The area became a park 100 years ago, when Henry Gassaway Davis purchased the land. Then, in 1981, the city added the adjacent YMCA land, and the late Mary Price Ratrie donated the land that was once a gas station along Summers Street. Ratrie also hired noted landscape architect Alice Ireys to design the park. Forren's motto, "Use what is already there," guided his redesign. Forren worked with the late Ireys' plans, which were rediscovered by Kanawha Garden Club from Ireys' Boston archives.
Kanawha Garden Club has enlisted the chairmen of Charleston's Beautification Committee, Mary Jane Vanderwilt and Carter Giltinan, to provide history and civic involvement. Goodwin, whose team oversees all the plantings downtown, has been working with the city crews on pruning, planting and moving existing shrubs. Lighting engineer Mike Abernethy inspected the lighting and determined it to be sufficient, and will continue to monitor the lighting as new phases are implemented. Tom Vasale, retired horticulturalist, has added his expertise.
Kanawha Garden Club has 45 members, and Ann Orders is the new president. Over the years, the club has dedicated its energies, manpower and funds to many gardening projects, including Celebration Station, Ruffner Park, Spring Hill Cemetery, the area in front of the Clay Center, Bridge Road plantings and the garden on Justice Row at the entrance to the Carriage Trail.
National Public Gardens Day
Friday, May 11, is National Public Gardens Day. This day of celebration is planned to raise awareness of America's public gardens and their role in promoting environmental stewardship, education, plant and water conservation in communities nationwide.
So many gardeners turn to public spaces to get ideas for design, plant selection, use of native and adaptable plants, and gardening methods. Non-gardeners have just enjoyed these green oases as great places to visit.
I searched for gardens within 100 miles of my home in Charleston that are members of the American Public Gardens Association, a group that promotes community green spaces around the country. The only member that appeared in its database is the Huntington Museum of Art, 2033 McCoy Road, Huntington. This is a beautiful spot for enjoying the great outdoors.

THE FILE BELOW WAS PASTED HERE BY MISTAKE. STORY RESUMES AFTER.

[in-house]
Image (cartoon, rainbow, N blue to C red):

We are blessed in our area to have many beautiful parks, gardens and other green spots that are not official members of this organization. Be sure to visit (and support!) a local public garden soon.
Spring Flower Swap
LITTLE BIRCH -- The 11th annual Braxton County Spring Flower and Plant Swap will be held from 9-11 a.m. Saturday, May 12, at Little Birch School.
Rules for the event: No money is to be exchanged, each participant must bring at least one plant to exchange (more are encouraged), and plants can't be exchanged until 9 a.m.
New this year is a class on edible landscaping at 10 a.m., taught by master gardeners, and at 1:30 p.m., there will be a garden tour held at a Flatwoods residence. Information on the tour will be provided at the plant swap.
Call 304-765-2994 or 304-765-2049 for information.
Gardening tips for today
According to the West Virginia University Extension Service, this week is perfect for the following gardening tasks:
Seed annual flowers, summer squash and cucumbers, late celery and sweet corn outdoors. Plant early celery and tomato plants.
Herb and Tea Festival
The West Virginia Herb Association and the Charleston Tea Festival present the 2012 Spring Herb and Tea Festival from 9 a.m. to 5 p.m. May 12 at India Center, 800 Green Rd. in South Charleston.
The festival's theme is "Everything's Coming up Roses." Herbal products, teas and craft items will be sold.
The program includes classes, hands-on workshops, tea tasting and mediation. Noted ethnobotantist Hassan Amjad, M.D. will speak. The event is free and open to the public. Call 304-577-9034 or visit wvherb.org.
Reach Sara Busse at sara.bu...@wvgazette.com or 304-348-1249.